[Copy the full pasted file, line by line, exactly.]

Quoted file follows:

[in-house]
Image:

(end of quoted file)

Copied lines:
[in-house]
Image: